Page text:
People living in nursing care facilities who are ambulant and fracture their hips: Description of usual care and an alternative rehabilitation pathway

Maggie Killington, Owen Davies, Maria Crotty, Rhiannon Crane, Naomi Pratt, Kylie Mills, Arabella McInnes, Susan Kurrle, Ian D. Cameron

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Abstract

Background: Little is known about treatment provided to people living in nursing care facilities (NCFs) after hospital admission for hip fracture. In addition, there are no clinical guidelines for rehabilitation and recovery following hip fracture for nursing home residents. Methods: As part of a randomised trial (SACRED trial), which investigated the efficacy of a four week in-reach rehabilitation program, data were collected which described routine care for 240 people living in 76 nursing care facilities in South Australia who fractured their hips. The in-reach rehabilitation provided to 119 intervention participants is described, including intensity, type and methods used to encourage participation in rehabilitation. Adverse events that occurred, in particular falls, are also reported. Results: NCF records indicated that, over the four weeks following discharge from hospital after hip fracture, 76% of patients receiving usual care had a consultation with their general practitioner. Physiotherapy was provided to 79% of patients in usual care (median of 1.96 h over the 4 weeks, which is less than 30 min each week of physiotherapy). In-reach rehabilitation was provided by the hospital team for 13 h over the 4 weeks with almost full attendance at physiotherapy sessions (median of 1 missed session, range 0-7 with a median of 14 physiotherapy sessions attended by participants, range 1-18). Experienced therapists provided a flexible approach to the rehabilitation to account for patients' dementia and associated neuropsychiatric symptoms while providing dietetic support, mobility training and education to nursing home staff. The number of falls experienced by those in the intervention group was higher compared to those in usual care (Relative Risk 1.38 (95%CI 1.04-1.84, p = 0.03). Conclusions: Rehabilitation can be provided to people living in NCFs following hip fracture, even when they have moderate to severe dementia but the model needs to be flexible. Provision of rehabilitation may increase the rate of falls in this population. Further studies are required to establish the feasibility of the intervention in other long term care settings.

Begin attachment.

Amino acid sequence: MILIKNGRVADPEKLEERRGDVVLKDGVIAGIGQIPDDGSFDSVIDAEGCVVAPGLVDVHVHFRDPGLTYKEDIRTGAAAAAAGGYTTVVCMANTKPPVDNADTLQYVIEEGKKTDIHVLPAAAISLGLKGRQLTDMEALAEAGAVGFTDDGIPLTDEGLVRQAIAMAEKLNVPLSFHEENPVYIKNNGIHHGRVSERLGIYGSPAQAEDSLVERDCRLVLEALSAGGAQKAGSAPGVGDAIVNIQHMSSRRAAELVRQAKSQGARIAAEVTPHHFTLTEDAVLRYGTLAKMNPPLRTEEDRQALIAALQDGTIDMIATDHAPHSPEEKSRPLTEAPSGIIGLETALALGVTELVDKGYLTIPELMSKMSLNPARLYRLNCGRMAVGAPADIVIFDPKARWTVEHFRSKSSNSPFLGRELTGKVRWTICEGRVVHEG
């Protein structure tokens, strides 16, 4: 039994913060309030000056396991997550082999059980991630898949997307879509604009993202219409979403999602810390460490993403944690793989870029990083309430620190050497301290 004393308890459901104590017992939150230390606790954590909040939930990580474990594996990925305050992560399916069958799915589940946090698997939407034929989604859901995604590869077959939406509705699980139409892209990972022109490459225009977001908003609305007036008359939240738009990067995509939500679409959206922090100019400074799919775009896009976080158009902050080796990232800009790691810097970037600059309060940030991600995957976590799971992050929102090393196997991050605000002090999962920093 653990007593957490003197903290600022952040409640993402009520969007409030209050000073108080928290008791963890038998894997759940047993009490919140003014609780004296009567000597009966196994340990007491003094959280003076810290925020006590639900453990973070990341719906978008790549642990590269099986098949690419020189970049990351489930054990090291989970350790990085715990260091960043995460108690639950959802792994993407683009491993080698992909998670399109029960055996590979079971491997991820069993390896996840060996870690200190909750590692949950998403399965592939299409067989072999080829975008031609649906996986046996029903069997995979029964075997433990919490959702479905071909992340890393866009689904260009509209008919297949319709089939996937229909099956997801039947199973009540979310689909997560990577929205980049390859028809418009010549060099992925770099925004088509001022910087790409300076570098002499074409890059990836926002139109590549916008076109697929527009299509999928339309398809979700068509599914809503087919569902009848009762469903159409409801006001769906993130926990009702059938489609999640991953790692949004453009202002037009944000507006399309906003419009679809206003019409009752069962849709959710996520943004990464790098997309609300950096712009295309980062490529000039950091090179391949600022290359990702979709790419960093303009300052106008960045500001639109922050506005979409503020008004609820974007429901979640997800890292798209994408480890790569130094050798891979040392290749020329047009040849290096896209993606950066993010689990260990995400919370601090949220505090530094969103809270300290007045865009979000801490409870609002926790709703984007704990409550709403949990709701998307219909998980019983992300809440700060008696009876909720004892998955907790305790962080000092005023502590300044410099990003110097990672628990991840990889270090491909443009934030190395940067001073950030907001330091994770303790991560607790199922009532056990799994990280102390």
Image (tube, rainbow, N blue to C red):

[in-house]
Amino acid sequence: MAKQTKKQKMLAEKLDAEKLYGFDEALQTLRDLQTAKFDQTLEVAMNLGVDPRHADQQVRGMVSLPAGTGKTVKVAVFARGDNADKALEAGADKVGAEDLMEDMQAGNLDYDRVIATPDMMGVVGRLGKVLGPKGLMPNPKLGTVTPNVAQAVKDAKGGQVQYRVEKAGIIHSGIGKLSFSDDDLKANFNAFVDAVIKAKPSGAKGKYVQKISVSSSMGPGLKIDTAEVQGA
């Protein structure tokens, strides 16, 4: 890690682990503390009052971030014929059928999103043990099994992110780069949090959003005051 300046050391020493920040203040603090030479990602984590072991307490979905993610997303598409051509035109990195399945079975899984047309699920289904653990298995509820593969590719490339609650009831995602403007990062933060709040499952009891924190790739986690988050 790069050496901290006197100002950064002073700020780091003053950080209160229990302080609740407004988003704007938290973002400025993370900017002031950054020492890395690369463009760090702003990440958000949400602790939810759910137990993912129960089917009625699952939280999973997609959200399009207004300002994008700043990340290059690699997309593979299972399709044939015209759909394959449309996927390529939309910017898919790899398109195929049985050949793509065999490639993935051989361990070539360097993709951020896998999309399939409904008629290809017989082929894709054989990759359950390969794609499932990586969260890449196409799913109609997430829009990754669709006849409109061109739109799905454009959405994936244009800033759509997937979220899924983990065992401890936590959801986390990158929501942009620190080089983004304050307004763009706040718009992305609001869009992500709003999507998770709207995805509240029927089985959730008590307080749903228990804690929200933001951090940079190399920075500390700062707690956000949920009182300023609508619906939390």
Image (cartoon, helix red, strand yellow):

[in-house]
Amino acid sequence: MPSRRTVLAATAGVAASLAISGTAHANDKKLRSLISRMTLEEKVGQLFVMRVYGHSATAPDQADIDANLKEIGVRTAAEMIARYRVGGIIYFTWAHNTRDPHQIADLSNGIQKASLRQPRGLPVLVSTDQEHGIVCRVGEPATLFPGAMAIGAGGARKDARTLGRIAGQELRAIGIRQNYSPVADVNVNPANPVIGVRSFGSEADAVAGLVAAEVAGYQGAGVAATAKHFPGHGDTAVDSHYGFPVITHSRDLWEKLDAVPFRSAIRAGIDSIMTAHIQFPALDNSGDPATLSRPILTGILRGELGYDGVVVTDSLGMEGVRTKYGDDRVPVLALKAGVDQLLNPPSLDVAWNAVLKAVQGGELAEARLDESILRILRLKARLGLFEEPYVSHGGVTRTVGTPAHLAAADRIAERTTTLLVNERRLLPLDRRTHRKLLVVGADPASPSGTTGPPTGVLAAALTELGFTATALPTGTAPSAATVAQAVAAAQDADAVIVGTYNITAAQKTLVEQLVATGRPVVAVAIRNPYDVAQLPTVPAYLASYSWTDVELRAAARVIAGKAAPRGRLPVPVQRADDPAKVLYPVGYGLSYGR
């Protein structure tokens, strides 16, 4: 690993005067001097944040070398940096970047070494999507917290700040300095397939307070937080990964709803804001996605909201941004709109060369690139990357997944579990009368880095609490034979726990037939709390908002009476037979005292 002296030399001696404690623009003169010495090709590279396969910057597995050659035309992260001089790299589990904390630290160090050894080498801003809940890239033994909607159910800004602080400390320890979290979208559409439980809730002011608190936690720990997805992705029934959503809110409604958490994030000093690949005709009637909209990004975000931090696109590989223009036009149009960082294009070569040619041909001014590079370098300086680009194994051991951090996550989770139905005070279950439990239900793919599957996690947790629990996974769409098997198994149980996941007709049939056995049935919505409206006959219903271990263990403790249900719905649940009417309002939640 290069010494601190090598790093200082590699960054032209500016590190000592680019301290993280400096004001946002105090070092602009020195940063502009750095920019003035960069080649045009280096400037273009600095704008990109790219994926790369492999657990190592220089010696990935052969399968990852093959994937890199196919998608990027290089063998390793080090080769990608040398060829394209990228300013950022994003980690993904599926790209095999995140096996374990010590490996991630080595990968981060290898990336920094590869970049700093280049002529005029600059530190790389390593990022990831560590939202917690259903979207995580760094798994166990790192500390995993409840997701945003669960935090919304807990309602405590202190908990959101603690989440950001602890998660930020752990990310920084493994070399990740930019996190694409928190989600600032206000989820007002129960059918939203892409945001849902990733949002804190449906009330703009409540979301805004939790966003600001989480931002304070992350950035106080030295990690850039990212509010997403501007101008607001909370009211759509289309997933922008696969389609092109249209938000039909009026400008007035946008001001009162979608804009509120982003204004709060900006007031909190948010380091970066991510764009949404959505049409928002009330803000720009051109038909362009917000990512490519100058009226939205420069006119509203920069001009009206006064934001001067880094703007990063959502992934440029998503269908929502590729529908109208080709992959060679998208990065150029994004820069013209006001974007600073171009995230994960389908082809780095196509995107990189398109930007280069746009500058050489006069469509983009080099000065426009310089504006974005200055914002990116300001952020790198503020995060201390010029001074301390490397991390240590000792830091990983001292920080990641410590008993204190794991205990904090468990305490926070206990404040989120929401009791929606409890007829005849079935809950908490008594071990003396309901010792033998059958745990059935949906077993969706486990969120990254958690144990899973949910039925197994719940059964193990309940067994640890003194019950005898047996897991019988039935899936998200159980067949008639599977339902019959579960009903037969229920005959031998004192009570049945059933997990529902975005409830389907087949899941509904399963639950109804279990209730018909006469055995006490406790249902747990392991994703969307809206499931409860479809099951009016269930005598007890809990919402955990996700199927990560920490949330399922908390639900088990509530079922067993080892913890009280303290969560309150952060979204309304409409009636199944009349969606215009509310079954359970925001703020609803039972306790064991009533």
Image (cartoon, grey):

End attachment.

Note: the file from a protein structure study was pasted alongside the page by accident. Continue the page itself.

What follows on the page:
Original languageEnglish
Article number128
Number of pages11
JournalBMC Geriatrics
Volume20
DOIs
Publication statusPublished - 9 Apr 2020

Bibliographical note

Open Access This article is distributed under the terms of the Creative Commons Attribution 4.0International License (http://creativecommons.org/licenses/by/4.0/), which permits unrestricted use, distribution, and reproduction in any medium, provided you give appropriate credit to the original author(s) and the source, provide a link to the Creative Commons license, and indicate if changes were made. The Creative Commons Public Domain Dedication waiver(http://creativecommons.org/publicdomain/zero/1.0/) applies to the data made available in this article, unless otherwise stated.

Keywords

  • Aged care
  • Dietetics
  • Falls
  • General practitioner
  • Hip fracture
  • Nursing care facility (NCF)
  • Nursing home
  • Physical therapy
  • Rehabilitation
  • Usual care

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